What is the better course? First, all who care about their futures as elderly persons, or as caregivers, or as clinicians and service providers should quickly plan and strategize, and we should all get behind one or more comprehensive models. A worthwhile model needs to be more comprehensive than the research-supported models like home-based primary care, or GRACE, or INTERACT. It also needs to be sustainable from the start. MACRA’s PTAC has proposed a process that would enable them to devote some funds to developing models. We should advocate that this support go especially to the otherwise disadvantaged field of eldercare. We could build a collaborative effort by a wide variety of provider and consumer groups. None of these groups has the funding, the skills, and the will to put together a winning APM on its own, and half-formed competing models would reduce our effectiveness. Together, we could aggregate resources and get behind a useful model or a few—and win!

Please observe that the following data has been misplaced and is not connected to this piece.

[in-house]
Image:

Rather than having only MIPS, which is likely to disadvantage geriatrics and palliative care, or APMs established to advantage fragmentation, we could end up with a good payment model that supports elders, their families, and their service providers. It still might be true that this phase of life should generally be paid in a capitated or salaried system. However, for now, most Medicare patients are still in FFS arrangements. Clinicians who are willing and able to serve this difficult population must be able to make a living providing the right services. Otherwise, care for elders living with frailty, disability, and advanced illnesses will fare badly, and all of us will suffer when it comes our turn.
To push this agenda, write to [email protected] and talk with your consumer and professional groups about participating in formulating a plan, and then getting behind it.